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Quenching cities' thirst with rural water

  • Quenching cities' thirst with rural water
    Quenching cities' thirst with rural water

Water shortage in urban areas is a perennial problem, and about 400 million people in urban areas deal with the lack of water. This problem is soon going to multiply as urban water demand is expected to increase up to 80% by 2050. One of the solutions proposed to deal with this crisis is to transfer water from rural areas to cities. In a recent study, an international team of researchers has investigated the prevalence of such water reallocations throughout the world to understand its drivers, conflicts and policy implications. Their findings were published in the journal Environmental Research Letters.

Water reallocation across the world is mired in controversy as rural areas, which primarily use water for agriculture, now fear a shortage of water. As the demand for water grows further in cities and rural areas, such disputes will only increase. On the other hand, it is believed that increasing the efficiency of irrigation can help rural areas beat the crisis.

“Any transfer of water from rural to urban areas is often opposed to as a net loss to rural communities; while in other cases, policymakers depend on the alternative myth that increasing irrigation efficiency will always deliver win-win outcomes for both donor and recipient regions”, remark the researchers. However, there is limited research about the coverage and impact of water reallocations at present, and this needs to expand to understand the status and trends of such redistributions.

In the current review, the researchers identify 69 urban areas across the world that receive water through 103 water reallocation projects. These projects involve approximately 16 billion cubic meters of water per year, which is almost equivalent to the annual flow of the Colorado River, and benefit an urban population of around 383 million.

The study found that most of the documented water reallocation projects are concentrated in North America and Asia, with the latter having 49 projects, including 18 from India. With 23 of the 41 projects implemented since the start of this millennium, Asia accounted for most of the new reallocation projects since 2000. The USA, India, China, Mexico and Iran had the highest number of identified reallocation projects. In most cases, they use both surface water and groundwater for reallocation.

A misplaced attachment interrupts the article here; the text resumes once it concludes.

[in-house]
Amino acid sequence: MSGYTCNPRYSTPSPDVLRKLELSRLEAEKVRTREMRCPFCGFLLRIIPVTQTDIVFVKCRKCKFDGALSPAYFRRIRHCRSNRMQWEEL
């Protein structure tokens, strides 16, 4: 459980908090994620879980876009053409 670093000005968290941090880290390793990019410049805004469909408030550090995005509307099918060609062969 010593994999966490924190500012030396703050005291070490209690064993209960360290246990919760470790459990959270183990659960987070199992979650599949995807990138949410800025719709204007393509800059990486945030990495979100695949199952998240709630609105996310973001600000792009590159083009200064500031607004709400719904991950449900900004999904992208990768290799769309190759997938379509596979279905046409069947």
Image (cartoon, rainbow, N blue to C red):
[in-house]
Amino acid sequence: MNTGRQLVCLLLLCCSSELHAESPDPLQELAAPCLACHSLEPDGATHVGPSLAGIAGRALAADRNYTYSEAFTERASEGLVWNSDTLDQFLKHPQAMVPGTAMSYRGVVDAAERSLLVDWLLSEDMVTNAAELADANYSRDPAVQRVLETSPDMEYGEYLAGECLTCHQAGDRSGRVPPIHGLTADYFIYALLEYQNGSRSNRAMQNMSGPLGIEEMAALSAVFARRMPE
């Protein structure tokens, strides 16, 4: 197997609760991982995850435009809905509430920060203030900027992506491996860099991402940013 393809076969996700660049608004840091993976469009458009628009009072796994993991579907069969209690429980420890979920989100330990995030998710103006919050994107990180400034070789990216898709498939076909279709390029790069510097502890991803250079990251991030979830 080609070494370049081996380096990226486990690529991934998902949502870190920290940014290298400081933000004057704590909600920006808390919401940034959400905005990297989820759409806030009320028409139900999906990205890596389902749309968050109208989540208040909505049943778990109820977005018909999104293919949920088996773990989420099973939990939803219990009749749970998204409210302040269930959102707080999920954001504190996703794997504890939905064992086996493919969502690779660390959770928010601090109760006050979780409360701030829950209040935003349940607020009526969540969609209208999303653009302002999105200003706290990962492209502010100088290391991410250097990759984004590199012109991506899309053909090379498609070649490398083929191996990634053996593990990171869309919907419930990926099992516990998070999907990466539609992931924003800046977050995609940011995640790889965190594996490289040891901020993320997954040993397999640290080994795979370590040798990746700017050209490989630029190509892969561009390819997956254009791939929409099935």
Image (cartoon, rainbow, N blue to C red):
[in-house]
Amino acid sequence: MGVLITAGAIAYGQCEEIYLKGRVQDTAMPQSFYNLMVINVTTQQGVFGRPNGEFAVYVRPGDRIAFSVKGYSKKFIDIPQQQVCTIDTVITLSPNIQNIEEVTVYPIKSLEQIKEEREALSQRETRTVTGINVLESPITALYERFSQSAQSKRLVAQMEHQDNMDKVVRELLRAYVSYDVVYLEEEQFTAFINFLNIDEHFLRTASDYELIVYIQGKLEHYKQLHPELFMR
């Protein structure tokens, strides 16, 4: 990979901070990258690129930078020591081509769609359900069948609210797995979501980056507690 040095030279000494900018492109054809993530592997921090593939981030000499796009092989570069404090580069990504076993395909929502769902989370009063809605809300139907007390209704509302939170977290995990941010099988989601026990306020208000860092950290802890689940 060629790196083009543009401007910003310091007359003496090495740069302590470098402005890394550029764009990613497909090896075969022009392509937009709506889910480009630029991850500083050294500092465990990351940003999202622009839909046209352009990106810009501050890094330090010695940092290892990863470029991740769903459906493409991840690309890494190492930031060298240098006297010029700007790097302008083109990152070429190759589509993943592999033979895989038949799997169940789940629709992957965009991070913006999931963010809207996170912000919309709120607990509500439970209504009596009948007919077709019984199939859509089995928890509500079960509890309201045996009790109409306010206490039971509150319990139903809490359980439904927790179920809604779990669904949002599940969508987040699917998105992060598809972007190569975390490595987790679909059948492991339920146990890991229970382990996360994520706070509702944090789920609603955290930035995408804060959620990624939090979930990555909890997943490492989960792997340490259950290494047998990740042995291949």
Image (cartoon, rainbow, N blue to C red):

The researchers also tried to understand what factors drove such reallocation projects. They found that water supply, demand or a combination of both are primarily responsible. A rising population and the growing demand for water was found to be the primary driver for about 80 reallocation projects. On the supply side, the limitations on the water supply, its unreliability and quality issues played an important role.

In some urban agglomerations in India, like Chennai, there are multiple water reallocation projects which have many donor regions. These projects receive water from both groundwater and surface water sources. In some cities like Hyderabad, such projects have paved way to rural-urban conflicts for water, while projects like Yettinahole River Diversion has raised biodiversity concerns.

“Reallocation can produce a range of outcomes including win-win, win-lose and lose-lose outcomes for donor and recipient regions”, say the researchers.

However, since data on the coverage, impact and compensation for rural donor areas are limited, it is difficult to estimate whether these reallocation projects are genuinely useful, equitable, and sustainable. Further research might help to understand under which conditions a ‘win–win’ outcome is feasible for cities and rural areas.